They’re not getting enough fat in their diets. When on the keto diet, the vast majority of your energy comes from fat calories in the form of stored body fat as well as dietary fats that you eat. Just like some people associate the word “diet” with “low calorie,” some people also associate the word “diet” with “low fat.” What happens when you avoid fats — even healthy fats — on the ketogenic diet? Your body is short on its primary source of energy. With insufficient fuel in the form of fats, people can feel exhausted or fatigued on keto.
They’re not eating regularly. Your meal schedule can also affect your energy levels — especially if you’re just starting keto. Eating regularly is one of the best ways to provide plenty of energy for the body. Keto dieters should have at least three meals and a few snacks a day, ideally spreading their meals and snacks evenly throughout the day to keep energy levels high throughout the entire day and avoid any mid-morning, afternoon or evening slumps. If you’re not used to the keto diet, combining the keto diet with intermittent fasting could cause energy depletion.
They’re not moving enough. If you're feeling tired on keto, you might not be getting enough exercise or movement throughout your day. It can be hard to work out when you’re eating differently, especially if you’re feeling tired or experiencing the keto flu; however, it’s important to build up to a regular workout schedule. Your routine should include a combination of weight training and cardio, with the goal of exercising at least 3-5 times a week. Frequently altering workout lengths and intensity can also help improve energy.
Because the ketogenic diet is high in fat, people also experience an increased risk of other health consequences such as high blood pressure, high cholesterol, heart disease and stroke — both immediately and down the line. People who are at higher risk of cardiovascular disease or have a family history of heart disease or similar conditions may want to avoid keto or other low-carb diets.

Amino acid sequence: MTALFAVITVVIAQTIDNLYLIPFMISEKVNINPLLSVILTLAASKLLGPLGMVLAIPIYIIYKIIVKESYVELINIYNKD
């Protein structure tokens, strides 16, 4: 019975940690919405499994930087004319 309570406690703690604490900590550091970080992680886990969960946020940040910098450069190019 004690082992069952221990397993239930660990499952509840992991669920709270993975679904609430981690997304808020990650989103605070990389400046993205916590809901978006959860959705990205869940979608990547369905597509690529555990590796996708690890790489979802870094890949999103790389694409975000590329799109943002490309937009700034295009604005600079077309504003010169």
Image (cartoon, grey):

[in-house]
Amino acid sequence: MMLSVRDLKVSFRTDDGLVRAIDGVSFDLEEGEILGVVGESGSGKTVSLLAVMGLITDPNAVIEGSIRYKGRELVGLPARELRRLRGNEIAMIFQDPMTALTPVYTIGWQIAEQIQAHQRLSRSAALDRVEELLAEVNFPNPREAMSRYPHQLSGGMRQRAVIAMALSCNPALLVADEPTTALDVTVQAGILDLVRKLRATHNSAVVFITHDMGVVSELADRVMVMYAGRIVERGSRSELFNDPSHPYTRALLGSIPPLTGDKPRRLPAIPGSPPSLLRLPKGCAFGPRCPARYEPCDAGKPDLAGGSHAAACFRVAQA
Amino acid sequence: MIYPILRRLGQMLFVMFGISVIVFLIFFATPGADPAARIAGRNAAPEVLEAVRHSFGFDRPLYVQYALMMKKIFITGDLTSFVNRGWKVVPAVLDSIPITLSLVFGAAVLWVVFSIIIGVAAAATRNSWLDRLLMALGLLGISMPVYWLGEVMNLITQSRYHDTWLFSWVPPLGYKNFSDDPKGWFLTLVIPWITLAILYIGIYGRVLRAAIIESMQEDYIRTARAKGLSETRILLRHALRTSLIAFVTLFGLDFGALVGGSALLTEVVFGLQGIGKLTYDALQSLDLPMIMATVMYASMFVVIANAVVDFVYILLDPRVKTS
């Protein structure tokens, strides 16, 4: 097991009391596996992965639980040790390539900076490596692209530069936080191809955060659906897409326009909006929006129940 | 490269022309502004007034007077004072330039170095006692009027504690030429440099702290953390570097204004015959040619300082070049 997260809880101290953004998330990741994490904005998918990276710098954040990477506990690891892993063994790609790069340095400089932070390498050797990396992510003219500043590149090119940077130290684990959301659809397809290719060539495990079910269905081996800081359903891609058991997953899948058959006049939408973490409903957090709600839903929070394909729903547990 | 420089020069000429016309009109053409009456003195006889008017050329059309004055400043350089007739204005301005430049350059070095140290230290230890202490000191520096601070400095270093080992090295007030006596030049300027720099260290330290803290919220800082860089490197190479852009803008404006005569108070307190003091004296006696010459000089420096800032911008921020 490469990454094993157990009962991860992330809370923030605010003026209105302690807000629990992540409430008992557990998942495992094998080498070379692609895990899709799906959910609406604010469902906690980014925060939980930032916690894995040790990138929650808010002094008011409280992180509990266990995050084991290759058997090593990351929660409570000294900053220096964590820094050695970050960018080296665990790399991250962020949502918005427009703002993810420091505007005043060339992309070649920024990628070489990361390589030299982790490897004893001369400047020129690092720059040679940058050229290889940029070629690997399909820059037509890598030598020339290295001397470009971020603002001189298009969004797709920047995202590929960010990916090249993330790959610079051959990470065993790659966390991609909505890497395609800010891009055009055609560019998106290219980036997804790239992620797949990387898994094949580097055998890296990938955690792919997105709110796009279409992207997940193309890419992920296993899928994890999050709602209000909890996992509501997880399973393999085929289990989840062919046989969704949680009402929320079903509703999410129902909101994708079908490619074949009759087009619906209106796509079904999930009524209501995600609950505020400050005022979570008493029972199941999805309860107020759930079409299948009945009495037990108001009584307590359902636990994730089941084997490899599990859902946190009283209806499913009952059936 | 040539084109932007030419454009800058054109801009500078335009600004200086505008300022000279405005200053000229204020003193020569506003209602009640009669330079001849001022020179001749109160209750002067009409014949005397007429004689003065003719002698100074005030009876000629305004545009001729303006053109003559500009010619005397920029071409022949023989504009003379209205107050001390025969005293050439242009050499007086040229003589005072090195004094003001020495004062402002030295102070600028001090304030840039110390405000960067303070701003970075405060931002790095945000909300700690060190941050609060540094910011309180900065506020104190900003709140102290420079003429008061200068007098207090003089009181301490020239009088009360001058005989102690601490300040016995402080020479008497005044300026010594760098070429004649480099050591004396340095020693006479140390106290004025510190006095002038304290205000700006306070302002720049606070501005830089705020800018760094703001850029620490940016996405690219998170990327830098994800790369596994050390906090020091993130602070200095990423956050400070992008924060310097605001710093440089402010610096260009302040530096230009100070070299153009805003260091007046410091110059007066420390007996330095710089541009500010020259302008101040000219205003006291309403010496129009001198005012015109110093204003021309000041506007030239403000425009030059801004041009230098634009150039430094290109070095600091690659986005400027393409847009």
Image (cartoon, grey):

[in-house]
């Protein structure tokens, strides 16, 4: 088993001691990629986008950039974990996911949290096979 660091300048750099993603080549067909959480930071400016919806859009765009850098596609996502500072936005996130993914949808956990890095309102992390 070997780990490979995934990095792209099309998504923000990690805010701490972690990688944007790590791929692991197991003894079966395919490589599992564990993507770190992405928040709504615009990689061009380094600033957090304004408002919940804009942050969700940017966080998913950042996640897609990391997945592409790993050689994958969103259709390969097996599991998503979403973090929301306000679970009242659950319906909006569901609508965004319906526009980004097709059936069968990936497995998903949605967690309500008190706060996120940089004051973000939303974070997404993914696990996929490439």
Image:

Finally, the rigidness of this way of eating can also be a negative aspect of the keto diet: Because of the high fat and the carb restriction, the ketogenic diet can be difficult to follow for an extended period of time.
Remember: Keto is a moderate protein diet, not a high protein diet. Tracking your protein and fats is equally as important on a ketogenic diet as tracking your carbs, because maintaining the state of ketosis depends on depriving the body of one macronutrient (carbs) while amping up the intake of another macronutrient (fat). Since carbs are so important to human functioning, this requires sufficient levels of fats and protein to offset the energy imbalance.
To better avoid the keto flu and keep your energy up while on the keto diet, make sure your diet is filled with healthy protein and fat sources. The key word here is “healthy.” Keto dieters can fall victim to “dirty keto” — a version of the keto diet that allows for highly processed and packaged foods. Dirty keto is popular among individuals who want to achieve ketosis without giving up greasy fast foods or spending the time to prep clean keto meals. This version of keto promises weight loss and fat burning with the freedom to eat anything you want, minus breads, fruits, sugars and sweets. That means bacon, cheese, pork rinds and fast foods without the buns or crust are acceptable “diet” foods; however, filling your diet with caloric foods that have no nutritional value will leave you feeling run down. Although dirty keto follows the same breakdown of fats, protein and carbs as regular keto, it matters where your macronutrients come from. A clean keto diet encourages you to eat vegetables, lean meats and quality fats like MCT oil — you’re still on track to lose weight, but you’ll feel much better and more energized eating a diet filled with healthy fat and protein sources instead of following a diet that centers on bunless double bacon cheeseburgers.